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thamsanqa jantjie murder rape chargesThe man accused of faking sign interpretation at Nelson Mandela’s memorial service has previously been arraigned on murder and rape charges, according to

RELATED: Flawed Vetting System, Not Schizophrenia, Real Issue Behind Mandela Memorial ‘Fake’ Signer Fiasco

Per eNCA’s investigation, Thamsanqa Jantjie (pictured) was charged with rape in 1994, theft in 1995, housebreaking in 1997, malicious damage to property in 1998 and attempted murder, murder and kidnapping charges in 2003.

Watch the AP’s interview with Jantjie here:

Most of the charges were dropped, reportedly because he was mentally unfit to stand trial. However, the theft charge stuck and he received three years in prison. It is not known if he served the time. According to court records, Jantjie’s attempted murder, murder and kidnapping charges were referred to the South Gauteng High Court in 2004. eNCA was unable to confirm if the charges was dropped, as he was declared mentally unstable for trial.

RELATED: ‘Fake Signer’: I Can Sign But Suffered Hallucinations On Stage

During Mandela’s ceremony, sign experts noted that Jantjie was not a certified sign language instructor and that his signs made no sense. Speaking with the Associated Press, Jantijie claims he suffered a hallucination attack while performing the signs, but tried not to panic because of “armed policemen around me.”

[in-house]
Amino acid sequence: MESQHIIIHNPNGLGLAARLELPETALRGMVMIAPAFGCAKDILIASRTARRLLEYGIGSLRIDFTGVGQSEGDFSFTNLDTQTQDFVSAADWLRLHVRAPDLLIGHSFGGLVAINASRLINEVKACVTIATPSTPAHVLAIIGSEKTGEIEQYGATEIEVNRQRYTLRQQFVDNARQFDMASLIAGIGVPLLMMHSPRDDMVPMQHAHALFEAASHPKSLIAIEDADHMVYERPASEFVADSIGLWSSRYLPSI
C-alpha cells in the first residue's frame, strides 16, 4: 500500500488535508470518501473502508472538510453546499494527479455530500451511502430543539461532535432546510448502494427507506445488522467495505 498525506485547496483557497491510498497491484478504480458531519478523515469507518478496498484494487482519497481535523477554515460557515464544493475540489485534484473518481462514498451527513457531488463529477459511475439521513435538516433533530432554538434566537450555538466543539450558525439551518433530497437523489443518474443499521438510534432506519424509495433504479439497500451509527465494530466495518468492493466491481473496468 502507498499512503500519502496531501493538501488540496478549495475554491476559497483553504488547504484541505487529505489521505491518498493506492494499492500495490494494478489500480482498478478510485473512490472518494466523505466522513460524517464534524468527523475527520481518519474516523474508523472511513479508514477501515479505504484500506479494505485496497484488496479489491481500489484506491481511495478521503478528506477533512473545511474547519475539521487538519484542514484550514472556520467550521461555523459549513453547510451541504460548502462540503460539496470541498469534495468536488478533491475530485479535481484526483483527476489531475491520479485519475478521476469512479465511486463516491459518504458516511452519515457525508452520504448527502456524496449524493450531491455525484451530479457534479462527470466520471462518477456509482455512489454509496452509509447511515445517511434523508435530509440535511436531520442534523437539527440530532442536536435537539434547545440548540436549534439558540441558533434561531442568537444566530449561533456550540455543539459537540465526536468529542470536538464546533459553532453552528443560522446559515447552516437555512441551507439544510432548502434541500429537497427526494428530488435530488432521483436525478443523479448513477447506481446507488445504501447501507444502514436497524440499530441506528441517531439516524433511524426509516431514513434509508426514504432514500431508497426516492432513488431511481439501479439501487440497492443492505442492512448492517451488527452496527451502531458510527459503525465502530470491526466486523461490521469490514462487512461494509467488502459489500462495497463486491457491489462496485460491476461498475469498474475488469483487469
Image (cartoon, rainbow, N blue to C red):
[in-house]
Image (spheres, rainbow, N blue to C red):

“What happened that day, I see angels come to the stadium … I start realizing that the problem is here. And the problem, I don’t know the attack of this problem, how will it comes. Sometimes I react violent on that place. Sometimes I will see things that chase me,” he said.

He also revealed that he was once hospitalized for a year in a mental health faculty for schizophrenia. Jantijie apologized for his performance, saying, “I would like to tell everybody that if I’ve offended anyone, please, forgive me. But what I was doing, I was doing what I believe is my calling, I was doing what I believe makes a difference.”

On the day the ceremony, the Johannesburg native said he was due for a regular six-month checkup to ensure his medication was working. He did not tell the company that contracted him for the event about the appointment, but says SA Interpreters was aware of his condition.

But when AP reporters visited the company’s address Jantjie gave, they found another company; managers told them they’d never heard of SA.

Jantijie also said he didn’t recall his Mandela interpretation experience to begin with. “I don’t remember any of this at all,” he told reporters.

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